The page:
NEW DELHI: Bollywood has aced the art of uncovering societal issues, and is now mastering the art of taking the audience between the sheets with its stories, being driven by stars like Ayushmann Khurrana, Sonakshi Sinha and Rajkummar Rao.
What ties "Vicky Donor", "Shubh Mangal Saavdhan", "Lust Stories", "Khandaani Shafakhana" or Rajkummar's upcoming "Made In China"? It is the presence of sex -- which is not used as a tool for titillation anymore, but woven into the storyline to take forward the plot.
Sex is no longer a hush-hush subject, and that is one of the main reasons behind the increasing visibility of such subjects.
"The Internet revolution and convergence has brought this revolution. Indians are now exposed to world cinema at the click of a button. It was never the case before. Before Internet, everything was controlled by the censor board, and because there was so much of hush-hush element around it, it was specifically used in films to promote them," SMM Ausaja, a film historian, told IANS.
"That's why we had so many B-grade movies, where people were assured of titillation. This can't be the case now. You can't use sex as an element to bring the audience into the theatre. You need to integrate it in the story, and it should seem natural," he added.
There was a time when Bollywood films were laced with provocative steps and suggestive lyrics, with actresses in skimpy clothes and extra focus on the cleavage, thighs or waist as an attempt to add oomph. Some resorted to showing the woman in a wet sari, or stretching a simple lip lock scene. Not to forget the visual metaphors denoting physical intimacy between hero and heroine -- be it the brushing of flowers or dimming of lights.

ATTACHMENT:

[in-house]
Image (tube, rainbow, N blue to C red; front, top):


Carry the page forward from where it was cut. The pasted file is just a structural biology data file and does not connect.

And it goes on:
Bollywood's affair with sex has evolved. It has become mature and meaningful.
If Ayushmann Khurrana has brought issues such as sperm donation and erectile dysfunction to the spotlight with Shoojit Sircar's "Vicky Donor" and "Shubh Mangal Saavdhan" respectively, then there is also actor Vicky Kaushal bringing the plight of a husband who is unable to satisfy his wife onto the screen in "Lust Stories".
Rajkummar Rao will be seen trying to improve people's sex-life in "Made In China", as a businessman selling aphrodisiac. Actor Boman Irani plays a sexologist in the film, which is presented by Dinesh Vijan in association with Jio Studios.
"I haven't visited a sex clinic yet, but if I have to, there's no shame in it. It shouldn't be treated as a taboo," Rajkummar said at the trailer launch of the film.
Sonakshi Sinha surprised the audience when she decided to essay the owner of a sex clinic in "Khandaani Shafakhana" this year.
Filmmakers are adding humour to make such stories lighter for consumption.
"When you present a subject like this, which can be dicey, talking about in a humorous way lets people understand it better. Why should we think of sex as a taboo, or go 'haww' at a mere mention? It is a part of life," Sonakshi said, adding that it feels nice to know that "you are trying to get people to think or talk about about something which is not spoken about" with a film.
The audience is also accepting themes pertaining to sex with no hesitation.
"The audience has matured. For the youngsters, who go and watch movies, sex is not a taboo and that is why it can be woven into the storyline," trade expert Vinod Mirani told IANS.
"Bold and well-presented subjects are accepted. Sex is not a taboo anymore. It's a part of normal life," explained trade analyst Amod Mehra, pointing out: "At the same time, there are certain series on OTT platforms that cross lines at times. That's an issue, which is alarming."
Film and trade expert Girish Johar feels "the entire country is opening up and becoming mature".
"Talking about sex and its porjection as a subject in films is no longer a taboo. There was a time when the word was taken in a hushed tone. Not any longer," he said, praising Ayushmann for taking up subjects that used to be brushed under the carpet for many years.
Bollywood has clearly opened the window for sex talk. It is to be seen how many get on with it.